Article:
After lunch, we split up. Three of the class went out on the pad to start going over the pre-trip, while myself and and another gentlemen (a bit older than me at 53, definitely has what it takes, highly motivated) started off on the sims. Suffice it to say: though we are to treat the simulator exactly as we would a truck, driving the simulator feels nothing like driving the truck. I managed to take out god knows how many poles, fire hydrants, and road signs while careening my cartoon death vehicle over the 16-bit landscape, terrorizing the poorly animated citizens. Though I held my cool on the outside, secretly and quietly, I was beating myself up on the inside: "Ugh it's the first day and already you suck, they're going to send you home, you're going to fail." I know how to recognize that narrative in my head for what it is: NONSENSE. Continued:

Dm:

Dispatcher, Fleet Manager, Driver Manager

The primary person a driver communicates with at his/her company. A dispatcher can play many roles, depending on the company's structure. Dispatchers may assign freight, file requests for home time, relay messages between the driver and management, inform customer service of any delays, change appointment times, and report information to the load planners.

Company Sponsored Training:

A Company-Sponsored Training Program is a school that is owned and operated by a trucking company.

The schooling often requires little or no money up front. Instead of paying up-front tuition you will sign an agreement to work for the company for a specified amount of time after graduation, usually around a year, at a slightly lower rate of pay in order to pay for the training.

If you choose to quit working for the company before your year is up, they will normally require you to pay back a prorated amount of money for the schooling. The amount you pay back will be comparable to what you would have paid if you went to an independently owned school.

Company-sponsored training can be an excellent way to get your career underway if you can't afford the tuition up front for private schooling.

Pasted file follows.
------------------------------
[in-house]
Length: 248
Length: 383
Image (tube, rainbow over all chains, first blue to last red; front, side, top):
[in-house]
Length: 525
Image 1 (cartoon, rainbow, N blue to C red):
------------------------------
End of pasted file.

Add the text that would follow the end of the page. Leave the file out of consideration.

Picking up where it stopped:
Eugene K.'s Comment
member avatar

Continued:

HOWEVER, I need to be cognizant of my defects as well as my strengths. Though I have everything it takes to succeed: a positive attitude, a strong work ethic, a willingness to ask questions and to not be afraid to "look dumb" when doing so, etc., I also tend to be a perfectionist who's brutally hard on himself at even the slightest sign of struggle or weakness. I've been coping with this FOR YEARS, and have tons of tools to manage it, but that doesn't change the fact that my DEFAULT reaction is usually to come crashing down on myself for "messing something up." It's okay to have "the first thought." The problem is when I let a negative thought snowball into a negative attitude, which thankfully, hasn't really happened for years. Thoughts are just thoughts. How I react to them is what defines my attitude, and my attitude I have complete control over. So long as I remember that, I'll maintain equanimity through this process, and come out just as successful as I know I'm capable of.

When my partner and I went outside to do our share of the pre-trip, I took to it very well. I'm a strong visual and data learner, so memorizing parts and functions with very little effort is something that comes very naturally to me. Not to toot my own horn, but the safety director (2nd highest in command underneath the owner) came out to "pop quiz" me on the engine compartment, and asked me "are you sure this is your first day? You sound like this is your fifth day." Then, today, he quizzed me again on more parts of the truck, including things I'd also just learned for the first time. He cut me off early and then told the rest of the class, in front of all the trainers, that "rookie of the day goes to Jim Carrey (yes, I look like Jim Carrey). He probably could have tested and passed the pre-trip on the first day." That was a great honor and very satisfying to hear, especially on top of how he had already told me he admired my positive attitude early in the morning on Day 1 ("I saw you back in the kitchen, introducing yourself to the team, asking people how they're feeling, cracking jokes, good body language, attentive and ready roll. Those are the winners with the positive attitude who always make it.") It is kind of embarrassing I suppose lol, as humility is something I know I need work on. I just took the praise, said thanks, and kept my mouth shut, because I know everyone hates a know-it-all and I'm going to strive very hard to be one.

THAT SAID, I experienced plenty of struggles today on Day 2: